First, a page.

Understanding the Use of NULL in SQL Three-Valued Logic

NULL in SQL

NULLs are necessary in relational databases, and learning to use them is fundamental to SQL success. However, NULLs should also be handled with care, as we explain in this post.

In relational databases, we don’t always have a value to put in a column. For example, suppose we have a table called “persons” that has “first_name”, “last_name”, “birth_date” and “marriage_date” columns. What value will we store in the “marriage_date” column for single persons? In that case, the column couldn’t have a value because single persons are not married. We need a way indicate that we don’t have a value for this column. Fortunately, we have such a thing: the NULL value, which is widely used in relational databases.

NULLs can be applied to any data type: integers, dates, VARCHARs, or any other column type. But we need to be careful when we create calculations or expressions containing one or more operators with a NULL value. Let’s see why.

NULLs and Three-Valued Logic

The reason that NULLs can sometimes trip people up has to do with something called three-valued logic.  While binary or Boolean logic has two values (“true” and “false”), three-valued logic (abbreviated as 3VL and also known as ternary logic) has an additional value — “unknown”.

Let’s illustrate 3VL with a simple scenario. Suppose we want to obtain the names of employees who make more than € 1,200 a month. The employee table looks like this:

First Name Last Name Salary Bonus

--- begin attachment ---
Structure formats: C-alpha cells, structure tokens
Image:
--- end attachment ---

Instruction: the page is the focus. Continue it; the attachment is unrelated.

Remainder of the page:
John Smith 1000 500
Mary Smith 1000 1500
Peter White 1800 NULL
Nick Perry 1000 NULL

We try the following query:

SELECT * FROM employee WHERE bonus + salary > 1200;

The result is:

First Name Last Name Salary Bonus
John Smith 1000 500
Mary Smith 1000 1500

We should see three records in the result set, but there are only two. Why is Peter White not included? The reason is related to the NULL value in the bonus column. In SQL, every arithmetic operation that includes an operand with a NULL value returns a NULL result.

So, with this in mind, look at how Peter White’s record was evaluated:

1800 + NULL > 1200

In other words, Peter’s salary (1,800) and his bonus (NULL) added up to NULL. We can reduce this condition to :

NULL > 1200

So is NULL greater than 1,200? Remember that NULL represents a nonexistent value, which means we don’t have anything to compare against 1,200: we can’t know if this statement is true or false. This is how three-valued logic works. When we have a NULL value in a condition, the result of this condition will be “unknown”.

Coming to Grips with 3VL in SQL Queries

To understand how three-valued logic works, let’s go through the process step-by-step. First, think about how records are filtered in the WHERE clause. Only records that evaluate to “true” in the WHERE clause are part of the query result set. Records evaluating to “false” or “unknown” are not part of the result. This is why Peter White’s record was left out of the previous query results. His total salary evaluates to “Unknown” in the WHERE clause; “1800 + NULL > 1200” is “Unknown” because we cannot know what NULL is.